Would you rather have a following that constantly agrees with your every word or would you prefer a following that questions the things you say?
Truth be told, although most people would “ideally” answer this question in the latter, the majority of bloggers—deep down—would prefer a slap on the shoulder after each article and a, “Yes, I love that! I agree! You’re so dang smart!”
I think there is a little bit of that in all of us, especially when we first commence communicating our thoughts and feelings online to a world who has no clue as to who we are. Seriously, who doesn’t want a little praise and head-nodding here and there? I know I did.
Finding Comfort in Our Own Skin
But I also think the more mature a blogger gets in this business, and the more comfortable they become with their own skin, the less they seek the need for constant agreement.
I’m not saying here that experience leads to intentional confrontation or disagreeable writing, but it often does lead to a greater sense of purpose, mission, and sense of self.
And for many, “purpose” is the antithesis of creating a following full of “yes puppets” ,“ditto-heads”, and blind followers.
To give an example of what I’m talking about, this past week I sent out an article to my newsletter subscribers entitled “Let’s Stop Calling Social Media a Tool…Seriously.”
The core premise behind the article was a simple one—Social media should be viewed as a culture, NOT a tool.
And as you read this statement, you likely agree, disagree, or feel a little of both. In fact, after sending out this email I got about 100 emails arguing, for and against, the premise I had made.
One of the reader responses came from my good friend Troy Claus, who stated:
Why I love your stuff is because you make me have heated debates with myself lol. I will read what you write, agree with you, then build a case why I disagree, only to build a counter case against that…so well done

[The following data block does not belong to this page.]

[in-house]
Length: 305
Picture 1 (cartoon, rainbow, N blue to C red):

As you might imagine, this email brought me a huge smile. The idea that one of my readers was debating back and forth, with himself, defines everything I strive for when I write and communicate these days.
Again, it’s not that I’m looking for a debate, but rather that I’m striving to challenge myself, my readers, and my own beliefs as I attempt to share my thoughts with the world.
It’s also why I appreciate writers like Mitch Joel, John Falchetto, Danny Brown, Jason Falls, Margie Clayman and others. These folks force me to take a stand—with myself—and help me cognitively go places I haven’t gone before.
The bottom line is this: When I write, I want to move people. And when I read, I want to be moved.
At least, that’s where I am today as I write these words.
So tell me, and give me the hard truth if you would: What do you want your audience to feel when they read your stuff? Would you prefer very little disagreement, or are you OK with having many of your readers feel contrary to your thoughts? Jump in everyone, I’d love to know your take on this.